Web of Referral[edit]

A specific Mushroom Management pattern is when managers mutually refer to each other when giving informing on decisions and responsibility to employees of a lower rank. The manager supposedly responsible, is typically not present or available. —Preceding unsigned comment added by 193.162.59.125 (talk) 11:05, 13 January 2009 (UTC)

Reducing the Examples List - Removal of redlink and unreferenced items[edit]

I propose that the Organisational and Project Management sections be removed entirely. Each example doesn't demonstrate a pattern - just bad practice or bad habit. Surely to be a pattern (or anti-pattern) then it needs to be repeatable in a systematic way. Also, I still regard "patterns" and hence "anti-patterns" to be specifically IT software development related. For me the Organisation and PM sections don't really belong here as examples. Agree / disagree ??? Liassic (talk) 14:35, 7 January 2009 (UTC)

Agree, this article is full of OR. I went through and removed all the redlinked, unreferenced items. Jfire (talk) 23:12, 3 February 2009 (UTC)
The article looks a lot better now. Perhaps future contributors will now make sure that they create an actual article before adding anymore dead links to this page? Let's hope. --Daydreamer302000 (talk) 09:27, 5 February 2009 (UTC)
I have re-instated the "gas factory" and "n-tier" anti-patterns that you removed. Simply because they do not have a backing article does not mean they are not significant. In fact I would rate "gas factory" as one of the most important today. And a classic example of "n-tier" is OSI which computer companies spent billions on in the 80s.
I will attempt to add the backing articles for these shortly. In the meantime it is useful to leave them as a placeholder and for their brief but useful description. -- AndrewWPhillips (talk) 07:50, 9 June 2010 (UTC)
Your enthusiasm is appreciated, but Encyclopedic articles should not have 'placeholders' in them. It is proper form here to create the articles first and then link them to related articles where appropriate. I recommend using the sandbox feature of Wikipedia to get the basic articles together and ensure that you can find valid references to back up any major points. As such, this article appears incomplete with these red links and even has the appearance of original research. If these anti-patterns were truly as notable (significant) as you state, it should be no problem to atleast find a single reference to justify their inclusion onto the list. Also, there is atleast one article, expectation handling, which has already been deleted through a RFD due to the fact that there did not exist any valid references or proof of notability. When you did your undo, you reverted a change that had already been challenged and was thus quite valid. And there may have been others. Don't use a blanket undo for just a couple of changes. I'm going to redo my removal of the red-linked articles. If you do want to put any back, please create the articles first (make sure you've got references or they will be deleted faster than you can blink!), and put back in only those articles that have a related Wiki page. Daydreamer302000 (talk) 11:45, 28 July 2010 (UTC)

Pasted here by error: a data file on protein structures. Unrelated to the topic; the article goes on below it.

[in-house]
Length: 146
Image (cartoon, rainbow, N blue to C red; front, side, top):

Organisational and Project Management "anti-patterns" (or simply bad practice) should be separated more clearly from software anti-patterns - or maybe removed alltogether, since there is the danger of every bad habit in every conceivable area being labeled an "anti-pattern". --217.233.159.189 (talk) 21:57, 7 March 2009 (UTC)
This article attracts the uncited addition of many ostensible anti-patterns which are likely original research. I've reverted your addition as such, and I agree that unless they can be cited to reliable sources which refer to them as anti-patterns many of the remaining examples should probably be removed as well. Jfire (talk) 22:13, 7 March 2009 (UTC)
Does this [1] count as a reliable source? If yes, where am I supposed to cite it for the creation of a new list entry? The Java "import static" statement is explained there as a way to avoid the "Static Interface Antipattern". I believe that it is a legitimate entry for in this list of software anti-patterns. --217.233.159.189 (talk) 23:12, 7 March 2009 (UTC)
The Java docs could indeed be a reliable source. It's a decent start for an entry about the "Constant Interface Antipattern" (I don't see it referred to as the "Static Interface Antipattern"). Even better would be to reference what appears to be the original source: Effective Java (Item 17). Do you have access to that source? Jfire (talk) 01:22, 8 March 2009 (UTC)
Yes, I'll try to summarize it in a new article. --Libsoc (talk) 09:59, 8 March 2009 (UTC)

Irony in 2nd paragraph[edit]

Found the sentence "Often pejoratively named with clever oxymoronic neologisms, many anti-pattern ideas amount to little more than mistakes, rants, unsolvable problems, or bad practices to be avoided if possible. " to be a classic example of an anti-pattern. Thanks! haha —Preceding unsigned comment added by 58.68.26.146 (talk) 18:10, 6 September 2009 (UTC)